By Jesse Marx
By Chris Parker
By Jake Rossen
By Jesse Marx
By Michelle LeBow
By Alleen Brown
By Maggie LaMaack
By CP Staff
Wheat brightens when it's suggested that the Current's focus on albums might prompt listeners to look beyond $.99 downloads. "Maybe we'll help the renaissance of the album as an art form," he says. "The only reason people suggested the album was dead was because no one cared about albums anymore. You can put a single out on iTunes and get as much credit. But when we sat down and decided which bands out of all these we would play, one of our criteria was that if it doesn't have more than one or two songs on it that deserve to be on the radio, then maybe it's not a good enough album to rise above the others--because there are so many to choose from." Could it be that this radio station actually cares about the long-term value of this weekend's Cheapo haul? Wheat thinks so. "We're trying to suggest new artists to you that you'll want to spend your hard-earned money on."
The contagious gratitude felt by many new fans of the station is echoed by Wheat. "I had gotten to the point where I had become cynical," Wheat says, reflecting on a more fallow period in local radio. "I thought there were so few people who really cared about continually discovering new music that we weren't going to be catered to by a full-service FM radio station." Improbably, you might want to thank the Republican Party for that Death Cab for Cutie B-side you just heard. In Wheat's estimation, recent political events have alerted many formerly complacent consumers to the importance of supporting alternative media. "I've heard people say, 'To be honest, after the election I'd given up on believing that anything of any quality could be supported. Your station has renewed my faith.' We've actually had people saying that. A part of me believes that when a certain section of the population thinks things have gotten this bad, they'll double their efforts to support things that need support." He smiles. "I hope it's not too late."
The Kids Are All White
Well, mostly anyway: Caucasian post-collegiates get a new radio savior
BY DYLAN HICKS
LET ME START BY SAYING THAT the Current is considerably better today than when it went on the air five weeks ago. During its first days, the station frolicked in waves of early-'90s alt-rock nostalgia, which didn't stop folks from heralding KCMP's "maverick" programming. The noisiest celebrants, predictably, were people left teary-eyed over the demise of Rev-105, Minneapolis's storied and short-lived '90s alt-rock station. Implicit in the hype was the longstanding prog-rock conviction that suburban mechanics and IT workers who want to hear Lynyrd Skynyrd's "That Smell" for the 1,000th time are Philistines, whereas urban advertising execs who want to hear the Smiths' "Hand in Glove" for the 645th time are pacesetters.
To anyone unconvinced that a public-radio empire playing Elliott Smith and Sam Cooke in the same set was a radical gesture, the hosannas greeting KMCP's arrival were irritating. "There's no question that for hip and eclectic music fans, 89.3 is a godsend," gushed Chris Riemenschneider in the Strib. The Pulse ran a fawning cover story/roundtable interview. City Pages' own Jim Walsh cautioned cranks not to rush to judgment--unless the judgment was kind. And on the Strib's op-ed page, Rochester writer Paul Scott issued a panegyric to the Current in which he also decried the state of mainstream pop music. "As the media companies kept trying to winnow the pickings in favor of more money," Scott wrote, "it seemed as if the radio has become a strange either/or choice between sanctimonious country music for suburban parents and hypersexed party music for their kids." Well, at least he didn't sound elitist or priggish. I've heard public-radio types can be like that.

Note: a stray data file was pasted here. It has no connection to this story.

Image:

Lately the Current has expanded its playlist, mostly by adding more new music. They're spinning England's great hip-hop-rooted storyteller the Streets, for instance, and Sri Lanka-born rap/dancehall/pop/ whatever buzz act M.I.A., who's no more innovative than Top 40 staples Missy Elliott and Timbaland but similarly outstanding. They're also playing a great deal of local music (see page 22), and deserving critics' darlings like Rilo Kiley, whose stuff could have been recorded in 1984 but is at least a sharply written and performed version of same-old-same-old. In other words, the Current is exposing people to some interesting music and they're moving away from being Rev-105 Mach 2, regular Smiths spins notwithstanding. MPR's new baby, however, still shares one defining quality with the Rev: Its programming is vastly overrated and far more conservative than its partisans like to let on.
Rev-105 was a better-than-average commercial alt-rock station. For a while they might have been a lot better than average, but they were hardly a force of musical truth in a sea of banality. They played some good records and gave unknown yokels a break, and sometimes they threw a curveball. They also toed the line on a lot of dull major-label alt-rock product and did their dutiful best to pass it off as cutting edge. During the Rev's 1994-95 heyday, hip hop was on a remarkable creative roll. The Wu-Tang Clan, Nas, Notorious B.I.G., Mobb Deep, Common, the Roots, and others were putting out fantastic albums and singles--much of the best music of the time in any genre. And except for Biggie, hardly any of it was being heard on commercial radio. And what of the Rev? They were playing Soul Coughing, G. Love and Special Sauce, the Beastie Boys, Beck, the Red Hot Chilli Peppers, and Tricky. The implication was that hip hop is best when it is made by white people and isn't exactly hip hop, and occasionally by black Britons who aren't exactly making hip hop either. Normally that sort of thing is called racism.